Structure and dynamics of metal clusters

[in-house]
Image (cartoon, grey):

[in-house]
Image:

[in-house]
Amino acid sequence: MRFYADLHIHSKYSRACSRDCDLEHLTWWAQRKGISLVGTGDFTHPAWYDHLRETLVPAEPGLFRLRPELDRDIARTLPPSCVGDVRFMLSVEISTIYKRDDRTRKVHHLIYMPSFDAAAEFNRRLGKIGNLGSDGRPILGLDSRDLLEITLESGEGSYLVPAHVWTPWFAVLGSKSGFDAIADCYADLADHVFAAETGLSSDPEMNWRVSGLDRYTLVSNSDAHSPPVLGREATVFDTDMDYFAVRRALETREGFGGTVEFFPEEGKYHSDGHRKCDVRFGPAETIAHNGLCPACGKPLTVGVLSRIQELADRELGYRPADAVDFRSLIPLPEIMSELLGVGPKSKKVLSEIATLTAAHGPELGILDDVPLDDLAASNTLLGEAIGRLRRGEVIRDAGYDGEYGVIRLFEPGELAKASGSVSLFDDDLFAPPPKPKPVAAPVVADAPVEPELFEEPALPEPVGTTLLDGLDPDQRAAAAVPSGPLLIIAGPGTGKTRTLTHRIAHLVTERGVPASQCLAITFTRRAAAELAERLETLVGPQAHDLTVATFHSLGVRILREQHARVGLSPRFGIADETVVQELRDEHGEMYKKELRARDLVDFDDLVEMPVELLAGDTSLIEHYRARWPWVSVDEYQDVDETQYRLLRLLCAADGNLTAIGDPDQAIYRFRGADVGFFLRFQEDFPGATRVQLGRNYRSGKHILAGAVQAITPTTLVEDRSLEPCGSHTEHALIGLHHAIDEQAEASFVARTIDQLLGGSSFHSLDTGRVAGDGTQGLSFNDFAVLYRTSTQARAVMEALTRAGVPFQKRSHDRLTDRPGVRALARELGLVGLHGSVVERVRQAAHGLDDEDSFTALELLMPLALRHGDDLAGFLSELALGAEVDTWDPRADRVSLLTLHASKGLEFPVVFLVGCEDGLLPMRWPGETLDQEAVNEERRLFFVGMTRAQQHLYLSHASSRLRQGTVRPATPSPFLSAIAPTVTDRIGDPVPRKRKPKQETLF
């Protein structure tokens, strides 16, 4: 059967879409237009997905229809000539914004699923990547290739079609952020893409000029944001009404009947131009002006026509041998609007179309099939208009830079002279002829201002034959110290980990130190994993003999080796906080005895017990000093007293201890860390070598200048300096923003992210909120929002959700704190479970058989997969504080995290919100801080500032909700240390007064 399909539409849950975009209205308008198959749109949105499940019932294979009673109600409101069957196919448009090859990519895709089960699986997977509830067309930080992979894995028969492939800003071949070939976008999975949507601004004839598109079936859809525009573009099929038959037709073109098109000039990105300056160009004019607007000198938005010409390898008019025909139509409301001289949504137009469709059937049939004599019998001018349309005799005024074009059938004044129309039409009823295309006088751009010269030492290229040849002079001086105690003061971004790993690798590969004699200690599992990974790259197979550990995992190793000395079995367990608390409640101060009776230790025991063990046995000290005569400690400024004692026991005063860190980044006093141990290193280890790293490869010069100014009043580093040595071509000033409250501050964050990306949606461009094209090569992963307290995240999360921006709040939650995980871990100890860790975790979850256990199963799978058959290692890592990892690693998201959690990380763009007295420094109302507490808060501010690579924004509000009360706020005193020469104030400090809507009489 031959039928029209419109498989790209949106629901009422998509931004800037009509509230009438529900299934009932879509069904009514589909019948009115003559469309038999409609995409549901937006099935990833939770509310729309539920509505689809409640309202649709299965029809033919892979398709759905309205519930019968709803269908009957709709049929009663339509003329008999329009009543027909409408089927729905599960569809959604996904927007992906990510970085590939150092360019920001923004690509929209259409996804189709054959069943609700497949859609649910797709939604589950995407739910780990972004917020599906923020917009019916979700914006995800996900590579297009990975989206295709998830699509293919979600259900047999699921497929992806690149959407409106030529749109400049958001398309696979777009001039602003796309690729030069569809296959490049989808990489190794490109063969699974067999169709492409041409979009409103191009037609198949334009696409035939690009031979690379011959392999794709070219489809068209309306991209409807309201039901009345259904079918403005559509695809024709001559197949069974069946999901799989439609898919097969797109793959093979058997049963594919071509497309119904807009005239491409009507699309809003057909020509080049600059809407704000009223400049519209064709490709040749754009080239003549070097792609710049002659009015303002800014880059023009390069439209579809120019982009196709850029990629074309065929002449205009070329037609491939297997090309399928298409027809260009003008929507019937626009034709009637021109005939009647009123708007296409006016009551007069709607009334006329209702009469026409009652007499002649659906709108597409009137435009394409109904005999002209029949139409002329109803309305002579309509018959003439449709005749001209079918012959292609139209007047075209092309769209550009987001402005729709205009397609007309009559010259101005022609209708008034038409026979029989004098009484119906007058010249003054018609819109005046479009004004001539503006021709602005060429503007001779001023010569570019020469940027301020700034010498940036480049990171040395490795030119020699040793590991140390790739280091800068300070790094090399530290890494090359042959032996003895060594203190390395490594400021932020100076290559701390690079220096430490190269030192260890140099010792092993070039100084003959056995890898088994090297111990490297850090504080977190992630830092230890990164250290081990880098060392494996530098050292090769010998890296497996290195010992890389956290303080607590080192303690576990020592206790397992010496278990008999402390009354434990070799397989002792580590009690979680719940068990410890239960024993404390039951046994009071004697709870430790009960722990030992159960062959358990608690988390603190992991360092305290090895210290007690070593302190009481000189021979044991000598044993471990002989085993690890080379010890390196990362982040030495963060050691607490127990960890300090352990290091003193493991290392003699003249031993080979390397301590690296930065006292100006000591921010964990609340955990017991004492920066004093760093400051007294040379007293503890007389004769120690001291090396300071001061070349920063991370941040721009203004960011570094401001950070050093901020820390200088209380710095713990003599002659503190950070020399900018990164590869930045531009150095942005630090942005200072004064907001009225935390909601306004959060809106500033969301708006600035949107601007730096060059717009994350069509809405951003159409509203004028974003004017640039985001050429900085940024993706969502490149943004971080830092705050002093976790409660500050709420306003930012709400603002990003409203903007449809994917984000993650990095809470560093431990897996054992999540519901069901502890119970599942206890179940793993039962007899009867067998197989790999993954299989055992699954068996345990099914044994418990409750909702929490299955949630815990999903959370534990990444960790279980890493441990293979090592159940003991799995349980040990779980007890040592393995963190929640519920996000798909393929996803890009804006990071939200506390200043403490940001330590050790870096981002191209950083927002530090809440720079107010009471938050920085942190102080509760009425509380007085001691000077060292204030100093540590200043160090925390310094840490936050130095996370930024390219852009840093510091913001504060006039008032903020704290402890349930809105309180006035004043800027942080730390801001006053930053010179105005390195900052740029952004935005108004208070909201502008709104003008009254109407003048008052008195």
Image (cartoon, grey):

This thesis is concerned with the development of ab-initio molecular dynamics (AIMD) using density functional theory, and its application to simple diatomics and small sodium clusters. The approach follows Car and Parrinello and the local spin density (LSD) approximation is taken as a starting point for the description of the electronic states in these systems. An improvement to LSD by correcting for the spurious self-interaction terms (SIC), as proposed by Perdew and Zunger, and the way in which this can be implemented is considered. The SIC corrected LSD is tested on simple diatomic molecules, and is shown, especially for the case of H2, to significantly improve on the LSD description of the potential energy curve and the spin pairing/unpairing transition. LSD and SIC are then compared for small sodium clusters, for which the geometries, binding energies, and polarizabilities are determined, as well as vibrational frequencies for two clusters. Conclusions are hampered by the lack of experimental data, and uncertainties due to the pseudopotential. However SIC gives a more accurate description of the binding energies, and the unique SIC orbitals allow a description of the bonding which accurately predicts the relative stabilities of the clusters and rationalises their geometries. The problems of breakdown of the Car-Parrinello (CP) method due to "nonadiabatic" effects is considered and it is shown that the problems arising during bond formation and bond breaking, as illustrated by the case of Na2, can largely be overcome by applying an external thermostat to the fake degrees of freedom. This method is then tested using the dynamics of small sodium clusters. In particular the dynamics of the pseudorotation of Na3 is studied and it is shown that the mechanism and information about the kinetics can be determined. Finally other methods for improving upon LSD are considered. It is shown that gradient corrections using a plane wave basis set have inherent problems in implementation. Implementation of the exact Hartree-Fock exchange is considered, and this in conjunction with a form of self-interaction correction on the correlation is shown give very accurate results for simple diatomics which are cheaper than using full configuration interaction methods.